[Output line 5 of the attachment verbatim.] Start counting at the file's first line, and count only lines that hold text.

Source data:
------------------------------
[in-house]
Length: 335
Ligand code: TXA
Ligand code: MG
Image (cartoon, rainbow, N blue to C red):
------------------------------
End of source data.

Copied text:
Image (cartoon, rainbow, N blue to C red):